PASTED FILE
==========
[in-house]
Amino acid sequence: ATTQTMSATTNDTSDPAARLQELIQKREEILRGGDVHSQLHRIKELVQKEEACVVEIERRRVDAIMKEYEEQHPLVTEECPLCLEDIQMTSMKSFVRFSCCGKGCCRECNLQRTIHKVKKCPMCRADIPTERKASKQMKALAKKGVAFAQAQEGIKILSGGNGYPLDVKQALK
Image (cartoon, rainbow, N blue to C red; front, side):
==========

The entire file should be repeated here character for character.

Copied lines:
[in-house]
Amino acid sequence: ATTQTMSATTNDTSDPAARLQELIQKREEILRGGDVHSQLHRIKELVQKEEACVVEIERRRVDAIMKEYEEQHPLVTEECPLCLEDIQMTSMKSFVRFSCCGKGCCRECNLQRTIHKVKKCPMCRADIPTERKASKQMKALAKKGVAFAQAQEGIKILSGGNGYPLDVKQALK
Image (cartoon, rainbow, N blue to C red; front, side):